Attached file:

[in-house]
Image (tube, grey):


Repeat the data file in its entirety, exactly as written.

[in-house]
Image (tube, grey):